NORTON, Mass. – The final round of the Deutsche Bank Championship had something for everyone on Labor Day — mostly a trophy, finally, for Henrik Stenson.
He was runner-up to Phil Mickelson at a major and Tiger Woods at a World Golf Championship, and he tied for third at the PGA Championship to keep climbing in the world ranking. Stenson was doing just about everything right this summer except winning, usually because someone simply played better.
Not this time.
Stenson surged past a fast-fading Sergio Garcia with three straight birdies, seized control with a 5-iron into 15 feet for another birdie right before the rain delay, and then put away Steve Stricker by holing out from the bunker for a birdie late in the final round at the TPC Boston.
He wound up with a 5-under 66 and a two-shot win, and suddenly his summer is looking better than ever.
“Pretty perfect timing, I guess,” Stenson said. “There’s never a bad time to win a golf tournament, I know that much.”
The 37-year-old Swede moved to the top of the FedEx Cup standings after two playoff events, assuring him his first trip to the Tour Championship and a clear shot at the $10 million prize.
“I’m just pleased I won here,” said Stenson, who tied the tournament record at 22-under 262. “This was a big goal of mine to win a golf tournament after all those nice finishes. My family is here. I’m going to see my kids in a little bit. It’s all good.”
Stenson’s win was only part of the high drama Monday, so much that Woods became an afterthought. He closed with a 73 and tied for 65th. The best image of him all day was walking back out to the course after a rain delay with he and his 6-year-old daughter dressed in matching red.
Brendan Steele thought his season was over when the final round was halted for two hours because of rain. Steele made a birdie putt on the 15th when play resumed, hit a 9-iron to 2 feet for birdie on the 16th and closed with two more birdies to sneak into the top 70 in the FedEx Cup and advance to the third playoff event in two weeks at Conway Farms north of Chicago.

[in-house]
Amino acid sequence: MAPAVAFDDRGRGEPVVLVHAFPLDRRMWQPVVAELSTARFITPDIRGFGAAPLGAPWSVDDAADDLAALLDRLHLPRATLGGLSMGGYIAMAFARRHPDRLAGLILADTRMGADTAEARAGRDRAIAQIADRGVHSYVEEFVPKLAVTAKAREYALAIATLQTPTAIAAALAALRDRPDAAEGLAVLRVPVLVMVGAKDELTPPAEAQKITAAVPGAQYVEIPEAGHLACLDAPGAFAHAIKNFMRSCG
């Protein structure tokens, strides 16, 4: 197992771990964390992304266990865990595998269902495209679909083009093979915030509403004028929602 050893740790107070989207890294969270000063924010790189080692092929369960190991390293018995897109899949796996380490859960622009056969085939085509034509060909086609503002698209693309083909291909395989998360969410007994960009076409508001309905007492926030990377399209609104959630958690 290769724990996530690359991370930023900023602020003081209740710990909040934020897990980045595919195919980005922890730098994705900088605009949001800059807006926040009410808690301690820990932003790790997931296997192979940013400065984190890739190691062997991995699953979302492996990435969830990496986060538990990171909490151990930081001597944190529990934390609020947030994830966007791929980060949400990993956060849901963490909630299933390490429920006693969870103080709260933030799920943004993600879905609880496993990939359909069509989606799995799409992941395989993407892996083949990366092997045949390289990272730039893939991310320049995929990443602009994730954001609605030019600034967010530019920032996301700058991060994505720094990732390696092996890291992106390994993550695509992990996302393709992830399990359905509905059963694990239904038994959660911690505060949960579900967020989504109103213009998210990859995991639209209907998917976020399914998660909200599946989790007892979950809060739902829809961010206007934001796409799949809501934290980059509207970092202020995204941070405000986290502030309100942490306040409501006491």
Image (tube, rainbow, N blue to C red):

“I did everything that I can do, especially on a day that wasn’t going my way for a long time,” Steele said.
Steele appeared to bump Ernie Els out of the top 70 when he tied him at 12-under 272. He started the tournament three points ahead of the South African.
“It feels like I just missed the cut,” Els said when he finished.
But the Big Easy was given a big reprieve. K.J. Choi made a bogey on the par-5 18th. Charley Hoffman made bogey on the 17th. Kevin Chappell missed an 8-foot birdie putt on the last hole. That combination was enough for Els to grab the 70th spot by a fraction of a point.
Stricker’s third runner-up finish this year allowed him to move into the top 10 and qualify for the Presidents Cup team, despite playing a part-time schedule. That put the 10th spot up for grabs between Webb Simpson and Zach Johnson, who were playing together on the other side of the course.
They were tied at 8 under — big advantage to Simpson — until the former U.S. Open champion dropped two shots on the last four holes. Johnson faced a 25-foot birdie putt on his last hole that determined whether he made the team, and he poured it in the middle.
Johnson last week gave up a chance to earn points by skipping The Barclays to be in his brother’s wedding.
Lost in all this commotion was Jordan Spieth, the 20-year-old Texan dressed in a shirt with the Dallas Cowboys’ silver-and-blue colors. He went birdie-birdie-birdie-eagle at the end of his round for a 62 right before the rain delay.
With such soft conditions, his 17-under 267 was never going to hold up. Spieth wound up tied for fourth, and is No. 10 in the FedEx Cup standings. He is assured of becoming the first player since Woods in 1996 to start a season with no status and reach the Tour Championship. Woods, however, did it in seven tournaments.